Bibbig, the retired ski instructor, said he liked Blanning and once spent a summer with him clearing lumber. But he added, “He was a little deranged.”
Blanning’s handwritten “last will and testament,” which left three Denver properties to two men, was written on the outside of an envelope containing a typewritten note left at the Aspen Times on Wednesday. He gave no motive, but wrote, “I was and am a good man.”
Kind of like Jude Law’s last line in A.I. (“I am. I was.”)
You know what? I blame Claudine Longet
Longet was arrested and charged with the 21 March 1976 fatal shooting of her lover, Olympic skier Vladimir “Spider” Sabich, at his Aspen, Colorado home after he had showered and was preparing to dress. Sabich was a very handsome athlete with no lack of female companionship when he met Longet. As their relationship progressed, Longet and her three children moved in with Sabich, radically altering his bachelor life. There were widespread rumors of discord between the couple before the shooting. Spider had told friends he wanted Claudine out of his house but had taken no real action to evict her because he adored her children. At the sensational trial, Longet claimed the gun discharged accidentally as Sabich was showing her how it worked. Despite the fact that the autopsy found that Sabich was bent over with his back turned to her and Claudine was no closer than 6 feet (1.8 m) from him, she stuck to her story that it was a tragic accident. Williams very publicly supported Claudine throughout the trial, even escorting her to and from the courthouse.
The Aspen police made two enormous blunders which turned the tide for Longet. They took a blood sample from her and confiscated her diary without warrants. Longet’s blood contained cocaine and her diary showed that her relationship with Sabich had turned bitter. Since the evidence was not obtained legally the prosecution could not enter it into evidence. The gun was also mishandled by non-weapons experts. It was given to a policeman, who wrapped it in a towel and put it in the glove compartment of his unit; for 3 days it was unaccounted for.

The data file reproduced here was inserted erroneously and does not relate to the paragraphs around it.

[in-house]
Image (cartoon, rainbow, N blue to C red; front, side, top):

Put on the stand, Longet reiterated her innocence and pleaded for mercy because her three young children needed her. The jury acquitted her of felony manslaughter but convicted her of criminal negligence, a misdemeanor, and sentenced her to pay a small fine and spend 30 days in jail. As a generous gesture, Judge Lohr allowed Longet to choose the days she served, believing that this arrangement would allow her to spend the most time with her children. Longet chose to work off most of her sentence on weekends. Once the trial was over, she took off for a vacation with her defense attorney Ron Austin. Austin left his wife and children to do so. Longet and Austin later married and remain together, residing in Aspen.
Longet has never performed again. After the criminal trial, the Sabich family initiated civil proceedings to sue Longet. The case was eventually resolved out of court for a large monetary settlement, with the proviso that Longet never tell or write about her story.
I’ll bet Blanning knew every detail.